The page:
Religion Today Summaries - Nov. 4, 2008

Compiled & Edited by Crosswalk Editorial Staff

Religion Today Summaries - Nov. 4, 2008

Daily briefs of the top news stories impacting Christians around the world.
In today's edition:

  • Eritrean Christian Killed in Military Camp
  • Illinois Diocese to Vote on Secession
  • Haiti Still Digging Out from Harsh Storm Season
  • Thousands Gather for Election Prayer Vigil

Eritrean Christian Killed in Military Camp

Christians suffering in Eritrean military camps face an often untold plight. According to, at least 2,000 Christians have been transferred to prison camps in the small country since authorities cracked down on unofficial denominations in 2002, many held in metal shipping containers and all without charges. One Christian succumbed to malaria in military detention facility after authorities reportedly refused preventative medicines. Teklesenbet Gebreab Kiflom, 36, was buried "in secret" in the Wi'a area. Open Doors in the Netherlands reports that 65 believers, including 14 women, were detained one by one last week, and presumably transferred to a new military camp known as Mitire. The government officially recognizes the Eritrean Orthodox Church, the Roman Catholic Church and the Lutheran Church, but even these churches report tensions.

Illinois Diocese to Vote on Secession

Religion News Service reports that the Episcopal bishop of Quincy, Ill., who was poised to lead his small diocese to secede from the Episcopal Church next week, abruptly announced his retirement, effective Nov. 1, due to ill health. Bishop Keith Ackerman has been one of the most conservative leaders in the increasingly liberal U.S. church. His diocese is one of three that does not ordain women clergy, and he spoke out forcefully against the 2003 election of the openly gay bishop of New Hampshire. Ackerman's diocese of 24 churches and about 1,800 members is scheduled to vote Nov. 7-8 on whether to formally leave the Episcopal Church and align itself with the more conservative Argentina-based Anglican Province of the Southern Cone.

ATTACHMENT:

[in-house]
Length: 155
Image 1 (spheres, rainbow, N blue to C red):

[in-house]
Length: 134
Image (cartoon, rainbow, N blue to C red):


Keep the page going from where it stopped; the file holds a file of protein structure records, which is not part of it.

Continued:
Haiti Still Digging Out from Harsh Storm Season

Mission News Network reports that the already struggling country of Haiti is only beginning to recover from a series of four tropical storms and hurricanes this year. The storms left nearly a million people homeless, and many are still without permanent shelter or food and water supplies. Jonathon Wiles with Living Water International says, "They do have clean water but not nearly enough for the people who are there now. We're going into those areas to repair wells that were either broken down before the hurricane, or were broken down during the hurricane, and restoring the water supply so that people can have clean water." The country had already been hit by the global food crisis, and some of the poorest regions at resorted to eating "clay cakes" to stifle their hunger.

Thousands Gather for Election Prayer Vigil

The Christian Post reports that more than 30,000 Christians spent their Saturday fasting and praying in California, participating in a corporate prayer of repentance in TheCall California. “We come rending our hearts and garments,” said Lou Engle, founder of TheCall. “We come as one body – the body of Christ – one voice crying out for mercy, God.” The prayers offered by leaders throughout the day focused on politics, yes, but also on personal sins and struggles. About a fifth of the prayers offered were for the sanctity of marriage, which Proposition 8 in California supports. Along with measures in Florida and Arizona, the ballot measure would ban gay marriages in the state.